Although the recently introduced term “adipaging” indicates that aging and obesity share several common features, and obese adult individuals are prematurely aged individuals , not so many mechanistic experiments have been performed, even in mice, to link the two processes in a rigorous way. Nevertheless, both aging and obesity have been shown to be associated with systemic inflammation [24,25,26], oxidative stress [27, 28] and changes in microbiota composition [29, 30]. ROS (Reactive Oxygen Species) is at least one crucial contributor to the immune dysregulation associated with both aging and obesity. ROS in senescent cells as well in cells from the obese AT activates the tumor suppressor gene p53 and leads to telomere damage, IR and cell death [31, 32]. It has been shown that individuals that are overweight or obese have shorter telomeres, markers of cellular senescence, representing another shared feature of aging and obesity . Telomere length has been negatively associated with the atherogenic lipid and lipoprotein pattern of the individuals, further supporting the role of oxidative stress and systemic inflammation, common to both aging and obesity, in telomere attrition. ROS also induces the translocation of the transcription factor NF-kB from the cytoplasm to the nucleus, a signal that leads to increased expression of genes regulating the secretion of pro-inflammatory cytokines, apoptosis, and cell senescence [34, 35]. NF-kB is constitutively activated in immune cells from aged mice and humans following not only oxidative but also metabolic stresses, and a strong link between nutrient sensing and immune signaling has been demonstrated with the convergence of key metabolic and inflammatory signaling pathways .
Aging and obesity also share epigenetic changes that include DNA methylation patterns, post-translational modifications of histones, chromatin remodeling and increased production and maturation of RNAs [37,38,39,40]. Epigenetic changes occurring during aging and obesity are associated with health issues and several dietary factors have been identified as crucial modifiers of biological age with epigenetic clock models being used to help understanding how nutrition can modulate age-associated diseases and improve health outcomes.
Interventions to counteract the effects of aging and obesity
Both aging and obesity are ameliorated by a healthy life style [41,42,43], and the effects of physical activity and healthy diet on reduced risk of diseases [44,45,46,47], and the effects of physical activity on improved immunity , have been reported. Physical exercise also significantly impacts the methylation of several genes, including those involved in metabolism, fuel usage and muscle growth [49, 50], hematopoiesis  and inflammation . Promising results from a small clinical trial have indicated that systemic treatment with a cocktail of the growth hormone dehydroepiandrosterone plus metformin could reverse at least in part the DNA methylation age (DNAmAge) and induce thymus regeneration . Another clinical trial has shown that specific diet and lifestyle interventions may effectively reverse DNAmAge of healthy adult males .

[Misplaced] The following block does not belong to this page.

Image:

Although caloric restriction (CR) has been shown to modulate energy balance and extend maximal lifespan in experimental animal models , some reports have indicated that CR may also increase the risk of infections with viruses  or parasites . In humans, conversely, the results from the clinical trial CALERIE (Comprehensive Assessment of Long-term Effects of Reducing Intake of Energy) have shown that CR is not decreasing immunological function, and adult participants, who have reduced their calorie intake by 25% over two years, have larger thymuses than control participants who did not restrict calories, and their thymuses have more functional T cells . The study showed that CR induced changes in gene activity in both non immune and immune cells in the AT. One of these genes, Pla2g7, regulates inflammation, and CR significantly inhibited its activity. B cell responses were not evaluated in this study but we can hypothesize that they could also be increased.
Common effects of aging and obesity on B cell function and humoral immunity
Antibody responses to influenza vaccination decrease with age, with the quantity and the quality [59,60,61,62,63] as well as duration of circulating antibodies being decreased . Influenza vaccine-specific antibodies do not persist year-round in older adults . For this reason, vaccinated elderly individuals can still be infected and with severe secondary complications such as hospitalization, catastrophic disability, exacerbation of underlying medical conditions and death [66,67,68], due to their compromised immunity. In addition to age, preexisting immunity, genetic polymorphisms, and the presence of chronic underlying conditions may compromise the influenza vaccine response in this vulnerable population [69,70,71].